12. I am not sure whether I think you are right, Mrs Anon. Yes, there are children locally who are in the non Home ed "EOTAS" camp...for whom the choice is either attendace at a PRU or home tuition (they get 5 hours a week here in four sessions of 1 hour 15 mins..which is silly when you think about all the fuss we put up with about what really is meant by a full time education). Yet I also know several families who have had children "off rolled" by the local school who are now "technically" home educated, and our home ed group has met with lots of families who have what many people describe as "difficult children" who they have removed from school with the intention of home educating..but who find it difficult to do so in reality. I suspect that any LA officer who took a good look at those families would call them "failing" - interestingly a number of them each year do ask for a school place again and few succeed in finding them - because schools don't want them back either.
    Then there are families with younger children; I do try very hard not to be judgemental about how others home educate (I am sure others have plenty to say about how I do it, too!!) but some of these families admit (to other home educators, if not to the LA) that they can't get their children to "do anything" and that they feel they are failing their children. If there are families that feel like that on their own admission, it can't be an imaginary problem- mind you I am sure we wll have days when we think we have failed!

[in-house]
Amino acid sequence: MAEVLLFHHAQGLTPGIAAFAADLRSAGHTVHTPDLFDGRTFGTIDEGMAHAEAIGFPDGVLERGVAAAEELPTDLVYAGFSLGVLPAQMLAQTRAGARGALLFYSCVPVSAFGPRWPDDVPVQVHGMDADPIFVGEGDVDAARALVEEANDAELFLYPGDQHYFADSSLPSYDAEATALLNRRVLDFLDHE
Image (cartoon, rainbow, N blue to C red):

The real issue though is will Badman etc improve the lives of these children - and I don't think that in most cases, changes in legislation will do good, rather than harm.

  13. Julie The real issue though is will Badman etc improve the lives of these children - and I don't think that in most cases, changes in legislation will do good, rather than harm.
    and you think mad badman will do good? The man is crazy and should be locked up at once!.He is a grave danger to home educators like Jack Cawthra.
    I do enjoy these chats Julie aand knowing that you a re teacher makes it more fun!

  14. er...I think I said the opposite? ie " I don't think changes will do good" not that they will?

  15. There is some crossover between children who are receiving "home tutoring" from the LA and those who are actually "home educated", Mrs. Anon. I have a friend in an LA home tutoring service and she knows a good deal about what goes on as regards elective home education. Often the home educated children and the home tutored ones are practically identical twins ; they come from the same schools, same backgrounds, even the same estates. the only difference is that some parents tcould take a hint and deregistered their kids before they were excluded. others, slower on the uptake, did not see the warning signs. It is those who have actually been excluded who sometimes get home tutoring, and a thankless task it is too by all accounts!